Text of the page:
Microsoft is poised to bring Xbox One to China in September, but one analyst feels that it’s a strategy fraught with potential risk.
You’ll find our full report on Microsoft’s Xbox One China launch through the link, along with a trailer that appears to have surfaced ahead of its planned time.
In a report sent to VG247 this morning, IHS Technology’s Director and Head of Games Piers Harding-Rolls cautioned that while Microsoft’s move into China is both bold and could hold rewards, it is also a risky strategy.
Harding-Rolls cited the lack of a previously-established console market in China as a potential risk factor, and warned that the dominance of tablet and smartphone gaming across the country could cast a broad shadow over Xbox One’s emergence. He stated that from a $12.3bn spend on games in China through 2013, 89% of that sum was PC-related, while a majority of the remaining 11% came from mobile and tablet devices.
“Microsoft’s approach to bringing Xbox One to China appears meticulous,” he wrote, “it has partnered to bring local expertise and content into the venture, it has an established distribution network through its Windows business which it plans to leverage and its product positioning appears to be well blended and not overtly centred on traditional console games.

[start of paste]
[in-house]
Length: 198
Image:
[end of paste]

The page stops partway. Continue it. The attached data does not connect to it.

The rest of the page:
“Even with this approach, success is not guaranteed. What is clear is that, in a market where very few consumers game on consoles, success will not happen overnight. It will take significant time to educate the Chinese audience about the Xbox brand and Xbox One device – so strategic longevity, deep financial pockets and commercial staying power will all play a role in building towards success in the territory.
“As such, being early to the market gives Microsoft some worthwhile time advantage against its closest competitors.”
On challenges facing the corporation, Harding-Rolls added that aside from pricing, Microsoft must work hard to educate the gaming audience on the benefits of choosing a console ahead of other entrenched devices and PC gaming.
“One way to aid the consumer education process will be through local content which underlines the importance of the joint venture approach with BesTV,” he added. “We don’t expect sales fireworks at launch, but with its partner BesTV, which has access to local entertainment content, a large addressable market of existing IPTV users as well as marketing and distribution expertise, Microsoft is giving itself a good opportunity to gain some advantage over both Sony and Nintendo, when and if they decide to bring their platforms to the market.”
We’ll have more on Microsoft’s China strategy soon. Stay tuned.